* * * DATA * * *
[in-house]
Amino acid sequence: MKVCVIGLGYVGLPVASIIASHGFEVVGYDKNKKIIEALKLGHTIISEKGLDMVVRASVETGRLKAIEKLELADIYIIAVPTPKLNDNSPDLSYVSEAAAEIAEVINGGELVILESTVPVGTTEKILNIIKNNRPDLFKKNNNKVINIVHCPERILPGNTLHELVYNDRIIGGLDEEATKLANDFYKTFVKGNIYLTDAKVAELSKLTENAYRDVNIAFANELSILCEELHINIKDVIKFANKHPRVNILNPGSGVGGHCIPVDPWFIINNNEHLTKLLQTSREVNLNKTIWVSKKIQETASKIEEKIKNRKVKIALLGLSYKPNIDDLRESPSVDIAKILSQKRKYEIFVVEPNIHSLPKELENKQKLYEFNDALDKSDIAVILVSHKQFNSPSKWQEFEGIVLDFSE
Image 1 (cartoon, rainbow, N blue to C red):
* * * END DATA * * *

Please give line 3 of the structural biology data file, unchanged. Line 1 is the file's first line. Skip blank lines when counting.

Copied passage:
Image 1 (cartoon, rainbow, N blue to C red):